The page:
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by Gordon Lamont

Suitable for Key Stage 2


To explore and celebrate William Shakespeare and his work.

Preparation and materials

  • None required, but you might like to think about the tableaux in advance (see Step 3 below).


  1. Ask the children, first, ‘Who has heard of William Shakespeare?’ and, then, ‘What do you know about him?’

    Explain that people all over the world celebrate his birth in April. No one knows the exact date he was born, but he was baptized on 26 April 1564 – well over 400 years ago.

  2. Why do we celebrate him? Draw out the fact that he is considered to be a brilliant playwright (writer of plays) and poet.

  3.  Say that, today, you are going to concentrate on the plays. Shakespeare wrote 37 plays that we know of. We can’t be sure exactly how many he wrote, because carefully produced copies of the plays were not made until after his death, but there’s a huge range of different stories and that’s what you want to show them today.

    There are swordfights  . . .

    invite a group of four or five children to the front and ask them to form a tableau illustrating a swordfight

    there are love stories  . . .

    to save embarrassment, perhaps ask just one child to enact blowing a kiss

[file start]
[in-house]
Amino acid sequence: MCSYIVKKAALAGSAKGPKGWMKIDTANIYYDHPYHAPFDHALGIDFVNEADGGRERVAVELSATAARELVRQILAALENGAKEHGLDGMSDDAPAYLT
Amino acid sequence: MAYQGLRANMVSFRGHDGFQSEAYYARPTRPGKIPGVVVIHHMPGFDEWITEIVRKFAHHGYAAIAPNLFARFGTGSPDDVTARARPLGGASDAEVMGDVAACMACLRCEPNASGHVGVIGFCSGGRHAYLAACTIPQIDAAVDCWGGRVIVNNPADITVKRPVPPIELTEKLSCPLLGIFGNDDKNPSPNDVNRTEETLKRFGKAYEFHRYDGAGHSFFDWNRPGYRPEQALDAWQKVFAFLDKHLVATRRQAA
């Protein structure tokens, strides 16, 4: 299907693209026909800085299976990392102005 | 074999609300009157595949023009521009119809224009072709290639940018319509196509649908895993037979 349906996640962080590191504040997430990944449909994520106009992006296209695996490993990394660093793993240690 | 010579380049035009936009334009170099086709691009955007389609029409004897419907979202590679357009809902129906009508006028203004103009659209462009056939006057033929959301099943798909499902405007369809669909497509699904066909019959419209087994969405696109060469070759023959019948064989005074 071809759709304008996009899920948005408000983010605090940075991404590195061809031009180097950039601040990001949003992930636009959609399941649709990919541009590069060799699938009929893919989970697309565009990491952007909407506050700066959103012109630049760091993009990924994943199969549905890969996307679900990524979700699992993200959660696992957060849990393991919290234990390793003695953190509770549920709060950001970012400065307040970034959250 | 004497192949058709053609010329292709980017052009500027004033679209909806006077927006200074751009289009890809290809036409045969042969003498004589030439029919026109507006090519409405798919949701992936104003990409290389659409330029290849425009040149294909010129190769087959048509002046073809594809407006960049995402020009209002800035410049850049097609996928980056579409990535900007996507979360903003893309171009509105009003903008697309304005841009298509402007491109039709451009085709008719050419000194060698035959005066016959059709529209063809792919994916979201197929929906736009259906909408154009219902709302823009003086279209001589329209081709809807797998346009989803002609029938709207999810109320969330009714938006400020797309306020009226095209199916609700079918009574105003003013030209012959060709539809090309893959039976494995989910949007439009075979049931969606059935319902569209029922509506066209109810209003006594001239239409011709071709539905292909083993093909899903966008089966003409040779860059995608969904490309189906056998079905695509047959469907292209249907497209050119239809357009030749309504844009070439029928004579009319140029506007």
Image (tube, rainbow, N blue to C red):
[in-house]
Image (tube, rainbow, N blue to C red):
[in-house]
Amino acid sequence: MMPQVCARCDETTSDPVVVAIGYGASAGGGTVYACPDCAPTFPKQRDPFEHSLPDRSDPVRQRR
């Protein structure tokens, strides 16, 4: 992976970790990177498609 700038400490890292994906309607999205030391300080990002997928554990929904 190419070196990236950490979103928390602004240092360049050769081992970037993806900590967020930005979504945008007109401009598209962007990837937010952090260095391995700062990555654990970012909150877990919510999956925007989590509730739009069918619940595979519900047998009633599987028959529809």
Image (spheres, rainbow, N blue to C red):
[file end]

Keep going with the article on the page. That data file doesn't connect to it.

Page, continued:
there are shipwrecks  . . .

    ask some other children to form another tableau of the crew of a ship struggling as their ship is sinking

    there’s comedy  . . .

    ask one child to look proud and another to pretend to be hiding, laughing and pointing at the ‘proud’ character

    there are dark, supernatural tales of witches and ghosts  . . .

    ask three children to pretend to be witches, gathered round a pot, stirring

    there are wild animals  . . . 

    ask one child to pretend to be running from a bear, played by another child

    and much, much more.

  4. Ask the children to hold their positions while you explain that these scenes could be from Romeo and Juliet (swordfights, love story), The Tempest (shipwreck), Twelfth Night (comedy), Macbeth (witches, supernatural) and A Winter’s Tale (wild animals).

  5. Say that sometimes people find the words used in Shakespeare’s plays hard to understand because they were written nearly 400 years ago, but you’d like the children to listen to and think about these words from As You Like It (Act 2, Scene VII):

    All the world's a stage,
    And all the men and women merely players;
    They have their exits and their entrances;
    And one man in his time plays many parts.

    Suggest that Shakespeare is saying, in our lives, we’re like actors who play different parts at different times. 

    Applaud those who have taken part in the tableaux and ask them to sit down.

Time for reflection

Listen to the words from As You Like It again in a moment and see if you think they’re true – are you sometimes one sort of person and at other times a different sort of person?

What parts have you played in your life so far? Family member, friend, schoolchild  . . .

All the world's a stage,
And all the men and women merely players;
They have their exits and their entrances;
And one man in his time plays many parts.

Dear God,
Thank you for plays and stories, for poems and all the ways we can use our imagination to think about the world we live in.
Thank you especially for William Shakespeare.


‘Round, round, round go the seasons’ (Come and Praise, 111)

Publication date: April 2014   (Vol.16 No.4)    Published by SPCK, London, UK.
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